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. Last Updated: 07/27/2016

State Runway Monopoly Fails to Take Off

Itar-TassThe airport infrastructure — which includes runways, taxiways, parking and ramp lights — earns airports $300 million a year.
A government plan to bring Moscow airports' state-owned infrastructure under the control of a yet-to-be-created federal agency, the Airports Administration, ground to a halt this week after civil aviation authorities called off interviews to choose the agency's chief.

Airports earn up to $300 million a year from using state property, which is half of their yearly revenues, according to the Russian Airport Association. That property includes runways, taxiways, aircraft parking stands and ramp lights.

Civil aviation authorities were to interview six candidates competing for the post of general director of the planned agency on Friday, the Airport Association said, but they called off the interviews earlier this week without explanation.

The Property Ministry put forward the project last year to accumulate money that airports earn by charging airlines a unified tariff to use the state property, after which the agency would redistribute the money to airports for upkeep and development.

Government officials said at the time they did not believe airport management was maintaining the infrastructure correctly and said the agency could ensure the money is spent properly by taking back control of the cash flows from the state property.

The new system, set to begin in March, was to include four Moscow airports -- Sheremetyevo, Vnukovo, Domodedovo and Bykovo -- and then be extended nationwide if successful.

The heads of Sheremetyevo, Domodedovo and Vnukovo airports protested the move last year in a letter to Prime Minister Mikhail Kasyanov, saying that the formation of the administration ran counter to the interests of airports, airlines and passengers and could endanger safety.

The airport chiefs said it would no longer be clear who takes responsibility for the property if control is given to the agency because, technically, the infrastructure would still be handled by the airports, though they would no longer control cash flows.

Sheremetyevo earned some 1.5 billion rubles ($48.6 million) last year from these duties, airport officials said earlier this year. Some 80 percent of net profits went toward maintenance and repairs, Sheremetyevo said.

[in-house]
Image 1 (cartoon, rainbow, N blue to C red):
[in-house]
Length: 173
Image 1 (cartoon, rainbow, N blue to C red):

Nevertheless, the government pressed ahead, calling a tender for the administration's top post. Six candidates applied: former Kazan Airport general director Salikh Sultanbikov, former State Duma Deputy Vladislav Kochan, Central Airport Terminal director Vladimir Smigalovsky, former Transaero and Vnukovo executive Andrei Konstantinov, Domodedovo Airport Administration general director Leonid Sergeyev and Abakan Airport general director Valery Gordeyev.

The Property Ministry was unhappy Thursday with the cancellation of the interviews.

"This is a scandal; we will look into it," said Alexander Borodin, head of the transport and communication department at the ministry.

"Legal, moral and ethical norms have been violated; the government's resolution [on the interviews] has been spat on," he said, adding that if the competition is called off completely it should be stated in the official government newspaper Rossiiskaya Gazeta.

Borodin did not rule out the possibility of the contenders taking the case to court and said the ministry would support them.

Viktor Gorbachyov, president of the Airport Association, said the interviews were called off because of protests from Moscow region officials who want the agency to be registered in the region in order to reap the tax revenues. The ministry had intended to register the agency in Moscow city.

"We are waiting now for a resolution of the dispute between the Property Ministry and the regional administration," Gorbachyov said. "A new tender will be called in March or April."

Kochan, the Duma deputy, said the lack of a charter and office space for the new agency were given as reasons for the delay.